housing or tuition and textbooks - or on things you want - like pizza,
beer, the latest smartphone or tickets to a concert? If your funds are
limited, make sure you fully cover your necessary expenses first and
prioritize your non-essential expenses.
Draw a budget: Itemize your monthly expenses and add your total monthly income,
including any loans, scholarships or money earned from part-time jobs.
This will provide you with a clear picture of where your money is
going. Make sure your budget is balanced by either reducing expenses or
securing additional sources of income. Many financial institutions such
as CIBC provide a free student budget calculator that will help you put together a budget.
Manage your cash flow: Simply said - you cannot spend more than you have. Checking expenses
against the amounts reserved in your budget and sticking to them will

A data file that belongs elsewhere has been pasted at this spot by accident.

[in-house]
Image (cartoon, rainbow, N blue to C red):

help you avoid overspending and getting into debt.
Borrow responsibly: Using a credit card will give you more payment options and added
financial flexibility. However, a credit card isn't free money and you
should charge only what you can afford to pay back. Reduce your credit
limit to a low level to keep yourself from spending money you don't
Start building credit: Paying back bills, such as your credit card or cell phone bills, in a
timely manner will help you establish a good credit history. A good
credit history is important once you apply for any type of loan, such
as a car loan or a mortgage.
"Starting school can be an exciting experience, but at times be
daunting. Being responsible for your finances for the first time may